It is with heavy hearts we share the sad news that Len Hill has passed away after a fight with cancer. Mr. Hill served on the Common Cause National Governing Board from 2005 to 2014 (serving the maximum of 3 full terms.) Mr. Hill was a wonderful, insightful and generous soul, who cared deeply about our democracy and eagerly engaged in the fight to make it better. Common Cause and all of us who served with him are better for knowing him and we mourn his loss.
Leonard “Len" F. Hill was a former network executive who turned producer, and executive produced more than three dozen TV longforms and a handful of series since he became an independent producer in 1980. His work includes the biographical film “Mae West” (ABC, 1982), and the miniseries “The Long Hot Summer” (NBC, 1985), which earned Mr. Hill an Emmy nomination. Mr. Hill received his BA from Yale University in 1969 and his MA from Stanford University in education and history 1970. Mr. Hill was a passionate advocate for making our media more democratic. Len generously helped Common Cause launch our Media and Democracy Reform Initiative.
Tributes to Len Hill
Len was just a great human being. I met him while I was on the FCC and he was a huge help to me, opening his gorgeous home to events where I met tons of wonderful people. Len also put me into close touch with Bob Edgar and Common Cause and was instrumental in getting Common Cause back into Media and Democracy Reform. He was whip-smart on so many issues and knew everybody in the world. His friendship was thoroughly genuine, and his enthusiasm, too. Plus a great sense of humor. I will miss him dearly but am so grateful I got to know him and become his friend.
--Mike Copps, special adviser for Common Cause's Media and Democracy Reform Initiative
Len was a passionate advocate for making our media more democratic. As an independent content creator he saw how corporate monopolization of our communications ecosystem led to homogenization and the squelching of unique voices. Len was a great friend of our movement and will be dearly missed.
--Todd O’Boyle, program director for Common Cause's Media and Democracy Reform Initiative
We cannot but be deeply saddened by the death of Len Hill just after midnight Wednesday at home in Los Angeles with his loving wife Patti. Like so many of us, I met Len Hill as an acute, vibrant and irrepressibly outspoken Common Cause Board member. I had the privilege then of coming to know him as a comrade, a dear friend and a true citizen of our American and global civil society. We will all remember how Len spoke his mind as if it was tethered by steel cables to his values, how he anchored policy in principle rather than party or partisanship, how he brought his clarity to the complex and muddled issues we had to deal with on the Common Cause Board in trying to figure out how to deal with a complex and muddled country. And how his warmth and passion allowed us to understand and be moved by his sturdy opinions even when we might disagree with them.What I discovered as Len and I, and then my wife Leah and his wife Patti, became fast friends, was that Len's Common Cause interventions were not public performances professionally executed, but expressions of deep personal convictions everywhere evident in his life as a producer, film-maker, builder and civic leader, but also as a husband, father and friend. He invested friendship with an affect and meaning that allowed us to forget how debased the term has become in its trivialized social media and Facebook meanings.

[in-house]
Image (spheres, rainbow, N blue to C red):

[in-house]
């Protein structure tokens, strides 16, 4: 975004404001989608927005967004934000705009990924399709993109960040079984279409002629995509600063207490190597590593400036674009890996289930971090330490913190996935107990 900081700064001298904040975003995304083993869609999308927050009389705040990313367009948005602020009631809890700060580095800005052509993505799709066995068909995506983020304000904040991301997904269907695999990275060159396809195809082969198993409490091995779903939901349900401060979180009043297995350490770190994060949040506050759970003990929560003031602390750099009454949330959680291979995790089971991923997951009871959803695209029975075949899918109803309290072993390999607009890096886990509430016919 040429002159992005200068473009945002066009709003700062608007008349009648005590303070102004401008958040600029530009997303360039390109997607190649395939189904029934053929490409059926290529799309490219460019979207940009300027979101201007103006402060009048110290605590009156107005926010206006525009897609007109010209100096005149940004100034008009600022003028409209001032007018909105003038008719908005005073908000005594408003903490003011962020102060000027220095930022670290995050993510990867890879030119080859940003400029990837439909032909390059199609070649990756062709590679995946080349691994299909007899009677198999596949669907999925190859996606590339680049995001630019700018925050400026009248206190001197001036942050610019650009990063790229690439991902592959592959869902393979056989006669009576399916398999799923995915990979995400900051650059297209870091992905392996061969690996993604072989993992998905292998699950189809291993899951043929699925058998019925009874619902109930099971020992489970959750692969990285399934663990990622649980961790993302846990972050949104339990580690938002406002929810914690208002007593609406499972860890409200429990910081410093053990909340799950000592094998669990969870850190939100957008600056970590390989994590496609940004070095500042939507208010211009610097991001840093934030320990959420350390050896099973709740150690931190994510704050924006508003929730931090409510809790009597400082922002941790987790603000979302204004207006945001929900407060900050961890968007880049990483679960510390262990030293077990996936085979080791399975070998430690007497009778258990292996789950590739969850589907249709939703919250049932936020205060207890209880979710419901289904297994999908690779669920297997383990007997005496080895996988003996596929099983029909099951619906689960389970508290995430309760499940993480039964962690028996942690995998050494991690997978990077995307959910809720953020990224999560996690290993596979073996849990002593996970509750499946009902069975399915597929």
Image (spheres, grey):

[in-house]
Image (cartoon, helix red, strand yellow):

Friendship for Len was a calling: a way of living in the world with family and all of us lucky enough to be part of his life. No wonder that his wife Patti referred in her moving letter announcing his passing to "the amazing family of friends" that made Len's passage in these last months so "graceful." To be Len's friend was to be his family, to be family was to be his dear friend. Len's public achievements in film, media, urban development and politics were many, and Common Cause was a fortunate beneficiary. But his being as a man, a citizen, a friend and a human soul were paramount. He was -- please excuse the politics, but I think Len would have approved -- the very antithesis of the dark sentiments that Donald Trump has stirred up in our anxious nation. To set things right, we need only recall and honor who Len was, what he stood for, and how he fought to make good palpable for us and for the world that is our responsibility. We need only do what Len has always done: fight for right. Embrace the ongoing struggle to realize our nation's and our world's true common causes -- civility, democracy and justice.
--Benjamin Barber, Senior Research Scholar at The Center on Philanthropy and Civil Society of The Graduate Center, The City University of New York
Common Cause National Governing Board Member (2005-2014)
Office: Common Cause National